When he took power in a peaceful transition that surprised many analysts, President Nasheed pledged that Gayoom would be allowed to remain in the Maldives and live in peace in dignity as a former statesman, so long as he remained outside active politics.
However that pledge has conflicted with considerable pressure from within his own party to prosecute the former President and those under his administration for a host of human rights abuses, and allegations of corruption. Frustration over perceived inaction led several senior MDP officials to form a ‘Torture Victims Association’, claiming they would seek redress against the former President in international courts.
Gayoom has shown particular sensitivity to such allegations, going as far as prosecuting local media for defamation for publishing official audit reports suggesting, at the very least, misappropriation of state funds.
Following Nasheed’s statement at the launch of Shafeeq’s book, Gayoom wrote a letter to British Prime Minister David Cameron claiming that Nasheed was waging a compaign of intimidation and harassment against himself and his family.
“In a book authored by this Shafeeq, which was ceremoniously released [on October 10] by Mohamed Nasheed himself, it is accused that I also ordered the man’s arrest and supposed torture in prison. In a country of just over 300,000, it is safe to assume that even one ‘missing person’ would not go unnoticed, let alone 111,” Gayoom told the British PM.
“All such allegations of corruption, mismanagement and misappropriation of funds and property are basedless and completely untrue, as are those of torture, repression, and unlawful detention during my presidency.
“Nearly two years after the MDP government assumed presidency, Nasheed and his government have failed to uncover a single shred of evidence to substantiate any of these allegations,” Gayoom added.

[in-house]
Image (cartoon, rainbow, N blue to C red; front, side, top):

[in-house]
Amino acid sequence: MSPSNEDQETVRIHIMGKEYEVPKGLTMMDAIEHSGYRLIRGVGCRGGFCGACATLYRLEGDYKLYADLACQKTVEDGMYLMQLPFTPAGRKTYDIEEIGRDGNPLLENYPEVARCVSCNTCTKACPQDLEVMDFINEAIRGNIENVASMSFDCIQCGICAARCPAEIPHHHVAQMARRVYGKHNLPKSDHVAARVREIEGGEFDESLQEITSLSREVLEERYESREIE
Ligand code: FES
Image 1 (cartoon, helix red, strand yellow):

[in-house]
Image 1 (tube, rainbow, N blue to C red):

Shortly afterwards, Gayoom declared that he was returning to the Maldives to help the Dhivehi Rayyithunge Party (DRP), of which he remains the ‘Honorary Leader’, campaign in the local council elections.
The MDP voiced its dismay, aware of Gayoom’s continued popularity in many of the islands, prompting Nasheed to controversially warn Gayoom to stay out of the Maldives “for his own safety”, in reference to the death of former presidents who were killed after their resignations.
After the local Council elections Gayoom spearheaded a split in the opposition, disowning DRP leader Ahmed Thasmeen Ali whom he had previously endorsed as his successor.
A not uncommon outcome
Political and social turmoil rooted in the dichotomy between revenge and reconciliation is not unique to the Maldives.
Peter Godwin, author of The Fear: The Last Days of Robert Mugabe who visited the Maldives during the Hay Festival last year, observed that a country’s inability to confront or reconcile with its turbulent past led old wounds to fester.
Transitional justice was a vast subject falling between the two clashing camps of ‘revenge’ and ‘reconciliation’, and mired in shades of grey.
“You can listen to each argument and be convinced by both,” said Godwin. “I think it is one of those things where you have to look at each case separately. But the thing that never works is not doing anything about it; moving on and pretending it hasn’t happened.
“Because that is one of the things that has gone wrong in Zimbabwe. It has festered. You can feel the people seething. And the weird thing is that the children of the people killed and tortured are even more taken up with the cause than the parents. It doesn’t fade away – it magnifies with the passing of generations.”
The decision, he said, should lie with the victims and their families, he suggested.
“It’s very counterintuitive. The victims, who were put in jail and tortured – are the main victims who suffered during the authoritarian rule of a repressive regime. These people have the inherent right to decide what to do.
“You would imagine that these people would be the most radical, but a curious thing happens. In my experience – and I’m not alone, my view is shared by a lot of NGOs – the main thing that people who have been through the firing line want is acknowledgement.
“Not an ‘eye-for-an-eye’, just acknowledgement. The further you get away from the actual victims, the more radical you get. The people who didn’t risk their own lives in opposition – they don’t have the authenticity of victimhood.
What countries grappling with the enormity of such problems must do “is ventilate”, he suggests.
“You have to bring it into the mainstream. You have to bring it into public debate. You have to basically talk it through. It’s odd that the solution turns out to be the ventilation of it, as it becomes acknowledged in the media and public discourse, and ultimately in the way people write their own history.”